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Lowa boots...

Discussion in 'The Duck Hunters Forum' started by freefall, Jun 30, 2020.

  1. freefall

    freefall Elite Refuge Member

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    Do any of you have experience with Lowa boots? I’m looking for a new pair for backpack hunting in WY & CO & the Lowa’s caught my eye.

    Any feedback or advice would be appreciated.
     
  2. jcneng

    jcneng Senior Refuge Member

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    Wheat Ridge CO
    Good experience here with the Renegade GTX. Definitely not a heavy duty back country boot but perfect for my needs.
     
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  3. Farm4wildlife

    Farm4wildlife Elite Refuge Member

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    I'd recommend going somewhere to try them. Everyone has different feet. I know I tried several, can't remember what all they were, most were too narrow for my feet. Then tried Zamberlan since they made a wide. It was too wide and the regular fits perfectly. Took about 40 miles to break in, but love them. Own a few pairs now. Boots are quite personal. Try as many on as possible, generally the best ones are still made in Italy.
     
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  4. fishnfool

    fishnfool Elite Refuge Member

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    Crazy timing for this thread....I was just standing in a thigh deep muddy and wet ditch a few hours after digging up a busted pool line thinking how amazing these boots have been.

    I'm coming up on year 4 of nearly daily wear for hiking, dog work, yard work, tree cutting, cabin building, upland hunting, snowshoeing/shoveling, etc.

    The rubber is falling apart in the toebox and the outer layer is split open at the toe crease, but damn they are STILL 100% waterproof.

    Best boot I've ever owned.

    20200630_220558.jpg
     
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  5. waterswatter

    waterswatter Elite Refuge Member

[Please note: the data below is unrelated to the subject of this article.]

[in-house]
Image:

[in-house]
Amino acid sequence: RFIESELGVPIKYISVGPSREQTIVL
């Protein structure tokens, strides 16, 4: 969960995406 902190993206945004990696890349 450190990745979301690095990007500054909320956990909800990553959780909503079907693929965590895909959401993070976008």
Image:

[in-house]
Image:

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    I have the Lowa Renegade II. I'd guess that they are 15 or 20 years old and they are still going strong but I only use them maybe 2 or 3 weeks out of the year. They are likely too light for your backpacking off trail as I don't think they have enough ankle support.

    The main thing is try them for fit and get them broke in.
     
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  6. Rice Hunter

    Rice Hunter Elite Refuge Member

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    AL
    My lowas were fine for light hiking. When I tried to use them for backcountry hunts carrying heavy loads, they were done early. I still have them, but don't know why.
     
  7. drahthaarducker

    drahthaarducker Elite Refuge Member

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    How would they be for upland hunting?
     
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  8. Farm4wildlife

    Farm4wildlife Elite Refuge Member

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    Also if you have trouble finding places to try look up Lathrop and sons. They will send you a template that you trace your feet on, then recommend boots for you.


    https://lathropandsons.com/

    Looks like they are making their own boots now. Thought they were fitting you to other boot companies. Either they changed or I was wrong with what they did. Looks similar to White's boots.
     
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  9. OneShotBandit

    OneShotBandit Elite Refuge Member Supporting Member

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    Are they made in the U.S.A.? I didn't see anything to that. For the cost I would hope they were/are!
     
  10. fishnfool

    fishnfool Elite Refuge Member

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    I'd bust out the muck boots if hunting deep and wet river bottoms or crossing lots of streams, but they have done me well in the grouse woods and woodcock cover.

    I can't stand heavy bulky boots. I don't own any "hunting boots", and I hike and backpack (multi-day trips in mountains with a heavy pack) in light trail running shoes.

    IMO ankle support is a non issue. Fatigue is what causes ankle injuries, and that's only punctuated by very heavy and bulky boots that try to compensate for weak muscles and tendons. Better to build ankle strength than rely on laces and leather.
     
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